Thursday, January 26, 2006


On “Marketplace” the other day, an academic was talking about the latest round of layoffs at Ford. She mentioned that the danger in laying off so many people at once is that you become so thin-staffed at the operational level that the room for new ideas to germinate gets squeezed out. The organization gets better and better at doing the same old thing with fewer people, the market moves on, and it efficiencies itself right into oblivion.

It sounded familiar.

At a relatively ‘mature’ organization, the layers of bureaucratic goo encrusting even the simplest tasks thicken and harden almost imperceptibly over time, like sedimentary rock. When the sedimentation increases but the staffing decreases, you get some very harried people running around trying to remember which step is next, taking focus off the very real changes going on in the outside world.

When it’s time to cut costs, managers look for slack in the budget. In the short term, obviously, this makes sense. Over time, though, I can’t help but wonder.

No less an observer than Aristotle noted that contemplation requires leisure (which is why he wouldn’t let women, or slaves, or workers, vote – they don’t have the requisite leisure to discuss matters of public import). 3M famously tells its researches to set aside some of their time for projects of their own design and choosing, and supposedly some of its best breakthroughs came from that. Teens and twentysomethings produce many of the breakthroughs in culture and technology in part, I suspect, because they aren’t distracted by the obligations of real life: childcare, earning a living, etc. Even the idea of a ‘sabbatical’ derives from ‘sabbath,’ or time of rest, since it was thought that leisure is necessary to recharge the creative batteries. (These days, of course, sabbaticals have to be justified with projects. We don’t trust rest.)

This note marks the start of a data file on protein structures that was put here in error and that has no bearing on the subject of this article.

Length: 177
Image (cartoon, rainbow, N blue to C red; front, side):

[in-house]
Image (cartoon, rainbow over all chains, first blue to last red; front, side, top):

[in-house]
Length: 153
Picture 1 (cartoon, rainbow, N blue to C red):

I’ve noticed many of my best ideas come to me in the car. I think it’s because I’m not ‘on call’ in the car, so my mind can just go wherever it goes. In the office, it’s a stream of emergencies, purchase requisitions, and quotidian details. Faculty who can be brilliant in their own fields often appear organizationally illiterate, even after decades of working in the same place, because they just never bothered to learn the reasons behind the policies. I think it’s a form of self-defense, trying to preserve some free space for creative thought, but it looks horribly self-indulgent to those of us tasked with cleaning up the same old messes, over and over again. It’s understandable, if sometimes maddening.

Honestly, part of the appeal of blogging is that it’s outside the normal, well-worn daily grooves. In cyberspace, if not in the office, I can air out ideas and see what happens.

Even at the office, the best ideas seem to come when I go places I normally don’t. I’ve written before about ‘listening down,’ but listening sideways is good, too. The trick is in not confusing productive casting about with basic loafing. A nuanced appreciation of slack, if you will.

Where do you get your best ideas?